In: computers18 Feb 2013
The mass storage world is always changing. Each month there are new technologies, new companies, new products. One thing is certain, there is constantly additional information to store. And it builds on itself. As storage gets larger and more rapid, the latest applications are able to take advantage of these new capabilities. Virtual Desktop Infrastructure and Big Data in the form of Hadoop databases are only two of the current applications that have an insatiable requirement for more storage capacity and speed.
When businesses make selections on how to buy storage, there are a number of different decision aspects that get taken into account. Essentially, the applications that depend on the stored data have to be able to run just about all the time. Ideally, the data would be accessible 100% of the time, but it is very costly to devise a system with that much uptime. So every organization has a system wherein the data is stored on a fast and dependable storage array, it is duplicated to a different site in some fashion, and the vendors who provide the storage hardware and software have available and effective support in case there is an issue.
There are trade-offs to the different decision factors, and this is what generates market opportunity for the different storage suppliers. It is a rapidly changing landscape of elements that are constantly improved:
* Storage medium gets denser – Magnetic disk, SSD, and future technologies.
* Data transfer speeds get better in steps at different rates – SAS, Fibre Channel, Ethernet.
* Processors improve – Intel Architecture gets more cores, more rapid processors.
* Memory – DRAM gets larger, denser, and quicker.
* Software – New features like deduplication and thin provisioning add efficiency.
* Vendor dependability – support capacity, mergers, acquisition.
When I worked in the semiconductor field, I got the chance to work for one of Intel’s manufacturer reps in a place where much of the storage was designed and constructed. I observed the change from the i960 processors to X86 Architcture, and how a large amount of storage appliances were built around the same basic technology as servers.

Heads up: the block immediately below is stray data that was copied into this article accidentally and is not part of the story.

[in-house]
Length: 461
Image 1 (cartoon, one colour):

The fascinating thing regarding X86 Architecture is that for processors and chipsets, a few of them are intended for the X86 Embedded roadmap, meaning they will be manufactured and supported for numerous years. This is extremely different from the Intel Datacenter roadmap, where there is a constant cycle of new processors and chipsets made by the most recent lithography in Intel’s newest fabs. Most people familiar with servers know about the Datacenter products, however,but a smaller number are aware of the Embedded processors and chipsets.
For companies that manufacture dedicated storage appliances that have to endure multi-year design, testing, and manufacturing cycles, it makes a great deal of sense to design around the Intel X86 Embedded roadmap, because the same products can be manufactured and supported for years at a time. It makes sparing of parts simpler, as well as support, software maintenance, and bug fixes. Nevertheless, every few years storage appliance companies make a major design revision because the underlying processors and chipsets must be transferred to the new Embedded version. That’s why there continues to be forklift upgrades every few years in the storage world, and it will continue to stay that way as long as hardware and software are tied together into a dedicated appliance using proprietary operating systems and software.
Servers used to be delivered as a combination of hardware and software also – remember mainframes? I meet with customers who are still operating AS400 systems, because decades ago there was a custom application created on this highly dependable system that they still use. They want to be running a custom or standard application on a version of Linux, virtualized by VMware, on X86 hardware, attached to shared storage, just like each of their other applications. But since getting unbundled from a proprietary appliance is difficult, they don’t get to obtain each of the performance and reliability advantages of current computing.
Will the same thing take place in the storage world? If you look at the hardware that all storage devices are created around, they all have a lot in common. Typical interfaces, processors, chipsets, hard drives, chasses. The only thing different is software, support, and the organization behind it. Linux and Apache provided the alternative to big company software and support that offered a more reliable and better performing product than either Solaris or Microsoft could come up with. Will the same thing take place in storage?